Chinese Shar-Pei

It is easy to be drawn to the Chinese shar-pei's adorable wrinkles and unique face. While this dog can be an affectionate and devoted family member, the breed can be aloof toward outsiders and aggressive toward other dogs. Early and diligent training and socialization by an experienced dog owner is essential for bringing out the Chinese shar-pei's best qualities. The Chinese shar-pei is one of the ancient breeds that emerged out of China during the Han Dynasty. Over the years, Chinese shar-peis were utilized as farm hands to guard livestock and herd flocks. The dogs were also used to hunt wild boar, guard property and ward off evil spirits. Chinese shar-peis were also used as fighting dogs. When the Communists took over China, the dog population was reduced to endangered numbers. A handful of Chinese shar-peis were exported to the United States in 1966. The unique appearance of the breed appealed to westerners, and after they teamed up with a breeder in Hong Kong by the name of Matgo Law in 1973, the breed was saved from extinction and saw a surge in popularity. In 1922, the American Kennel Club recognized the Chinese shar-pei as a member of the non-sporting group.

The Chinese Shar-Pei is a large dog breed with a big head full of deep wrinkles all over its face. Its coat is very harsh, almost sandpaper-like. They have wide, strong jaws. Grooming needs are minimal, but facial wrinkles have to be cleaned and checked regularly. The sturdy, compact, medium-sized Chinese shar-pei stands 18 to 20 inches tall at the shoulder and weighs 44 to 60 pounds. Shar-pei translates to mean sandy skin. There are two coat types for this breed. The short brush coat and the even shorter horse coat are both straight coats that stand away from the body, and the hairs are stiff and prickly when petted. People with sensitive skin may have a skin reaction when they come into direct contact with one of these dogs. The coat may be of any solid color or sable. Like the chow chow, the Chinese shar-pei has a distinctive bluish-black tongue. The breed’s other distinctive features include a head that is shaped similarly to that of a hippopotamus, loosely fitted skin and deep wrinkles on the head, neck and back. The tail is carried upward, curving to rest over the back or to the side. The ears are small and flip forward to lie against the head. Personality: The Shar-Pei is a loyal and devoted dog. It is very independent and can be stubborn and domineering if not trained properly. They can be territorial. They are good with children but not very playful. They need daily physical and mental exercise in the form of a long walk or a vigorous game. It can be aggressive towards strangers and other dogs. The Chinese shar-pei is a tough dog. The breed is loyal, territorial and fiercely protective of his family. It is aloof with strangers and often aggressive toward other dogs. This is not an ideal pet for young children, and it is not a good choice for a first time dog owner. This dog is strong, independent and stubborn. With an experienced dog owner, the intelligent Chinese shar-pei will train quickly, but it must be trained and socialized extensively from an early age. With proper training and socialization, the Chinese shar-pei is an affectionate and devoted family member. The breed is quiet, barking only when it is playing enthusiastically or when it needs to alert the family to perceived threats or intruders. Chinese shar-peis adapt well to apartment living as long as they are provided with daily walks and mentally stimulating play sessions.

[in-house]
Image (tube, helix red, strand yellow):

Chinese Shar-Pei image
Breed Type
Pure
Origin
China
Function
Life Span
8-10 Years
Hypoallergenic
No
Other Names
Shar-pei, Sharpei, Chinese Shar-Pei

Chinese Shar-Pei Build Information

Size
Large
Length (Male)
13-20 in.
Length (Female)
18-20 in.
Weight
41 - 65 lbs
Litter Size
4 - 5 Puppies
Tail Dock or Crop
No
Preferred Climate
Cold

The Chinese Shar-Pei is a large dog breed with a big head full of deep wrinkles all over his face. His coat is very harsh, almost sandpaper-like. They have wide, strong jaws. Grooming needs are minimal, but facial wrinkles have to be cleaned and checked regularly. The sturdy, compact, medium-sized Chinese shar-pei stands 18 to 20 inches tall at the shoulder and weighs 44 to 60 pounds. Shar-pei translates to mean sandy skin. There are two coat types for this breed.

The short brush coat and the even shorter horse coat are both straight coats that stand away from the body, and the hairs are stiff and prickly when petted.

People with sensitive skin may have a skin reaction when they come into direct contact with one of these dogs. The coat may be of any solid color or sable. Like the chow chow, the Chinese shar-pei has a distinctive bluish-black tongue. The breed’s other distinctive features include a head that is shaped similarly to that of a hippopotamus, loosely fitted skin and deep wrinkles on the head, neck and back. The tail is carried upward, curving to rest over the back or to the side. The ears are small and flip forward to lie against the head.